Much more practical and very transferrable to a career in certain parts of the film industry - nothing to stop you getting involved with other students and making films on the side to keep up the artistic side of it all.


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#19 Phil Rhodes

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Posted 21 September 2014 - 07:43 AM

Should I bother going to film school?

 

In the UK? Good grief no.

 

I've said this so many times I'll try to be brief:

 

 

The courses are almost all hopeless - most of them teach filmmaking as it is done in the UK, which means they're teaching something that's practically never actually done at all. They're teaching you how to do a job that doesn't exist in an industry that doesn't exist. There is no work.

 

All of this is of course subject to the "as near as makes no difference" rule, but really - there are a maximum of a few hundred people nationwide, that is in the entire UK, who make a real living at filmmaking. Joining this group is not really based on ability anyway, it's based on your contacts, and if you don't have any, you're going precisely nowhere.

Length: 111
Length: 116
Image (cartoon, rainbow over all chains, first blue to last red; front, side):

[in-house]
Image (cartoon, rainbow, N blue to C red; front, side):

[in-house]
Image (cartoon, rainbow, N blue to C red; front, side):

People will feed you a lot of optimistic claptrap, but basically, yes, you are doomed to failure, as are the thousands and thousands and literally thousands of other people who come out of film schools in the UK and all go for the same three jobs.

 

P


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#20 Nathan Keir Crofton-Bond

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Posted 21 September 2014 - 08:00 AM

 

In the UK? Good grief no.

 

I've said this so many times I'll try to be brief:

 

 

The courses are almost all hopeless - most of them teach filmmaking as it is done in the UK, which means they're teaching something that's practically never actually done at all. They're teaching you how to do a job that doesn't exist in an industry that doesn't exist. There is no work.

 

All of this is of course subject to the "as near as makes no difference" rule, but really - there are a maximum of a few hundred people nationwide, that is in the entire UK, who make a real living at filmmaking. Joining this group is not really based on ability anyway, it's based on your contacts, and if you don't have any, you're going precisely nowhere.

 

People will feed you a lot of optimistic claptrap, but basically, yes, you are doomed to failure, as are the thousands and thousands and literally thousands of other people who come out of film schools in the UK and all go for the same three jobs.

 

P

 

I don't know where you are from but I have three major film studios within a few miles radius of me.